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awat-dee pee mai — Thailand’s New Year greeting for good health, wealth, happiness and all things beautiful in life! April 12 marks the beginning of Songkran, a four-day celebration welcoming the Thai New Year. The holiday marks a time of renewal, in which people use water to promote a fresh start. “It’s incredble — people in the streets will drive by in trucks throwing buckets of water at each other. There is so much fun and excitement,” says Siriwan Rerksuttisiridach, owner and executive chef at Vancouver’s Simply Thai restaurant. Songkran is also a time when neighbouring cities share their culture and special dishes, and Simply Thai relishes in sharing traditional Thai cuisine. Rerksuttisiridach, known as “Chef Grace,” will be creating daily specials in recognition of the holiday, crafted with fresh ingredients, including Thai herbs such as lime leaf, lemongrass and Thai basil. “We make it fresh day by day,” Chef Grace states seriously. “We don’t keep it in the freezer — nothing is precooked or preboiled, everything is made on order.” When asked the secret to an authentic Thai dish, Chef Grace takes a deep breath and a slight smile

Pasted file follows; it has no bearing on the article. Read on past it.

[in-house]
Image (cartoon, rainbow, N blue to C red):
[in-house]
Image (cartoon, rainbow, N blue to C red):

comes to her lips as she places her hand over her heart. “You have to give from your heart, you have to have passion. If you don’t have passion it’s going to be a waste of time,” she says. Growing up in Bangkok, Chef Grace could be found in the kitchen acting as assistant cook to her mother for her 15 brothers and sisters. “To this day I can still remember my mother telling me to focus,” she recalls, “something I will always be thankful for.” By the age of 22, she was developing her own recipes, such as curry paste from scratch. But it wasn’t until she gave some to her sister-in-law to sell in a market that things really took off — everything sold. Apprenticing under Penpan Sittitrai, teacher of chefs for the royal Thai family, Chef Grace finetuned her methods including the art of vegetable and fruit carving, a skill that she enjoys demonstrating to customers. “Coming to Canada was a chance to share my cooking and culture,” she says. With staff members from all over Thailand, and a relaxing interior showcasing traditional décor from all areas of the country, Chef Grace says the restaurant is “a little piece of traditional Thailand, and we welcome everyone to come and celebrate with us.”


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April 12 - 18, 2012